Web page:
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  1. #1
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    Best bikes for NYC/Brooklyn

    What's up forum,

    I know this question probably gets asked a lot, but what's the recommended bike for travel in NYC? This is more of a recreation/sometimes commute deal. I live in Williamsburg (yes, Williamsburg and biking), but I don't want one of those 400lb iron-wrought 1970s bikes you see people riding around there, as cool as they can look.

    Thanks in advance,

    some dude

  2. #2
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    Oh yeah, I'm more interested in just going places rather than doing intense, Tour de France style exercising, if that helps any.

    Thanks again!!!!!!!!!!??

  3. #3
    Solo Rider, always DFL
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    What, if anything, have you had/ridden/used in the past? Not specific brand, but just style or type of bike.

    That will have some impact on what anyone might suggest/recommend.

    I would be careful about anything with really lightweight wheels, and too much flash. The first will get damaged, the second will get your s$%t stolen.

  4. #4
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    The last time I rode a bike was back when kids raved about GT Dinos and Mongooses and the hobby was stealing chrome caps off the wheels. Of course, I just had some Sears thing.

    A humble bike good for joy rides across NYC bridges and streets is fine... $300 or less. I just want an easy, fun way to get a little exercise and travel around. I've seen bikes totally mutilated on lamp posts, so nothing too pricey.

  5. #5
    Ride 365 Lucky07's Avatar
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    desant, check out nycbikes.com. I really like this model. http://nycbikes.com/item.php?item_id=508

    All their bikes are solid & meant for taking city abuse.
    "...devil take the hindmost..."

  6. #6
    Senior Member Hambone's Avatar
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    If all you want to do is cruise, I'd say check out craigslist or a local bike shop and get a used MTB.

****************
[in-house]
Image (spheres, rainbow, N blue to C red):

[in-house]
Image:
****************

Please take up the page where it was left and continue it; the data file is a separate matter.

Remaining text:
Put street tires on it and have fun. If you get hooked, buy a nice road bike and join us for the NYC Century in the fall. (100 miles on the streets/bike paths of NYC.)

    I don't know your LBSs (Local Bike Shops) but somebody here can probably recommend one in your area.

    The most important thing is fit. If you have a friend who has a bike you can spend some time on so you get more used to how it feels before you go trying, that is always a good investment in time. Otherwise everything is so knew.
    Inside me is a thin man dying to get out.
    (He is kept comfortable by some pie, a half case of Bud, two cheese-dogs and a big screen Sony.)

  7. #7
    Senior Member dendawg's Avatar
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    My wife is in the market for a road bike. If she buys one her Fuji Hybrid will be for sale. A little over a year old and she has changed the original knobby tires for skinny armadillos, but she will include the original tires as well if she sells. Contact me off list for a price if you are interested. It's a 27 speed Del Rey model. I will also be selling my older more abused Gary Fisher Nirvana Hybrid, as I just bought myself a roadie.

  8. #8
    Senior Member keithnyc's Avatar
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    Personally, I like the Dahon folding 20" bikes. I have the Speed D7 (the '06 model is about $60 cheaper if you buy it from a place that sells both the '06 and '07 models, otherwise they may try to charge you an '07 price for the '06 model....the '06 model is cobalt blue, the 07 model is puke olive). Anyway, I digress......the price was right ($295 including tax and shipping), it's super-sturdy and it folds up small and quick enough for the bus and subway (my main mode of travel). You can also easily carry it with you (if it's in a Bolso bag or something similiar...) so you don't have to lock it up.
    I don't give a damn 'bout a bad reputation
    -------------------------------------------------

    Joan Jett, circa 1980

  9. #9
    Professional Fuss-Budget Bacciagalupe's Avatar
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    I vote for the Swift folding bike, designed in Brooklyn.

    It's more expensive than a Dahon (around $700ish) and doesn't fold quite as small, but it's a superior bike. Excellent components, great ride, adaptable, upgradeable, light (22-24 lbs).

    Folders are great for urban use. You can keep it in your apartment, under your desk at work, or bring it inside when visiting friends. The less time it's on the street, the less likely it will get stolen. (Bike thieves in NYC will take anything, even the most junked-out bikes....) Plus you can take a folder on the subway or rails any time.

    If you are considering a folding bike, drop by Bfold on 13th Street. They've got a few different types, including the Brompton (super-small fold) and Swifts.

  10. #10
    Senior Member keithnyc's Avatar
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    Baccia- Yeah, my decision was really based primarily on price on on the great expereinces people have had with the Dahons in general. I heard a lot of great things about the Swift and the Dahon, and they both make excellent bikes on the higher end of the pricing spectrum.
    Once I start using my bike (when the weather warms up...), I'm certain to be either upgrading my parts or getting a higher end bike althogether. One thing I have noticed, Dahon does seem to be very responsive to their customer base. Their website has lots of activity in the user forums, and the Dahon tech guys actually respond to people, either giving them suggestions or sending them additoonal parts they may need. Very cool.